The body of missing Central Texas sheriff’s deputy Jessica Hollis has been found in Lake Austin on September 19.
On Thursday, September 18, Jessica Hollis’ patrol car was found swamped by floodwaters minutes after she radioed for help while checking flooded low-water crossings.
Efforts to locate the deputy had been suspended before nightfall Thursday because of the storms, which were remnants of Hurricane Odile.
The National Weather Service forecasts more heavy rain through Saturday over much of West Texas, with flash flood watches issued through Friday night. Rain fell Friday in Southeast Texas and elsewhere in the state, with high waters clogging roadways and impeding traffic in metro areas such as Austin and Houston.
Deputy Jessica Hollis worked with the Travis County Sheriff’s Office for seven years (photo Travis County Sheriff’s Office)
Jessica Hollis, 35, a seven-year veteran of the department, was checking low-water crossings during storms. She radioed shortly before 2 a.m. CDT Thursday to say her patrol car was being washed away in an Austin-area subdivision, Travis County sheriff’s spokesman Roger Wade said.
Her empty car was found a short time later, but she could not be located.
Earlier this week, rainfall pelted parts of the state. In Plainview, about 45 miles north of Lubbock, 4½ inches of rain was reported over 24 hours ending at 2 p.m. CDT Thursday.
The Austin area received 5 to 7 inches of rain early Thursday, Van Pelt said. About 40 miles north of Austin, near Jarrell, a weather service observer measured almost 1½ inches of rain within 30 minutes.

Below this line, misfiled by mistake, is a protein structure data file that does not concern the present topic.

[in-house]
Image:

Hurricane Odile will hit the southern end of Mexico’s Baja California peninsula in the coming hours, the US National Hurricane Center says.
Officials described the storm as highly dangerous.
The Mexican authorities have declared a maximum alert for the region and have prepared shelters for up to 30,000 people around the tourist resort of Los Cabos.
US Marines have been placed on standby to help out.
Residents and businesses were preparing as Hurricane Odile raced towards the peninsula.
The Mexican authorities have declared a maximum alert for Baja California as Hurricane Odile will hit the region in the coming hours
The National Hurricane Center said Odile was initially a category 4 hurricane, with winds of up to 135 mph, but it lost some strength and was expected to be a category 3 when it made landfall on Sunday night, September 14.
In the Los Cabos resort, the authorities warned people to stay off the beach, remain indoors and keep away from doors and windows.
Officials said electricity would be shut off in the area as the storm hit to avoid damage from power lines if they came down.
At least 26,000 foreign tourists and 4,000 Mexicans were in the region, local officials said, and those in areas at risk of flooding were being evacuated.
Luis Puente, the head of Mexico’s civil protection agency, told reporters that 164 shelters had been readied with a capacity for 30,000 people.
Storm experts said it was set to be the strongest hurricane to hit the southern tip of the peninsula since Kiko in 1989, which landed as a category 3.